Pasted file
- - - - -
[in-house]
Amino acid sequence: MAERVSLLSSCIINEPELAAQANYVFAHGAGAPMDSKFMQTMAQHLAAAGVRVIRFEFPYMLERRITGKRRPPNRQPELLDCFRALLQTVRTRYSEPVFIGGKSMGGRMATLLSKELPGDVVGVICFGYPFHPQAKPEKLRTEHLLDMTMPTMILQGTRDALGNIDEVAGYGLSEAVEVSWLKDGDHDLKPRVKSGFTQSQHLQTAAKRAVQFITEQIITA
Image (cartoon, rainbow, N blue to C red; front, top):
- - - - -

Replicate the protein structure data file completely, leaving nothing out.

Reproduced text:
[in-house]
Amino acid sequence: MAERVSLLSSCIINEPELAAQANYVFAHGAGAPMDSKFMQTMAQHLAAAGVRVIRFEFPYMLERRITGKRRPPNRQPELLDCFRALLQTVRTRYSEPVFIGGKSMGGRMATLLSKELPGDVVGVICFGYPFHPQAKPEKLRTEHLLDMTMPTMILQGTRDALGNIDEVAGYGLSEAVEVSWLKDGDHDLKPRVKSGFTQSQHLQTAAKRAVQFITEQIITA
Image (cartoon, rainbow, N blue to C red; front, top):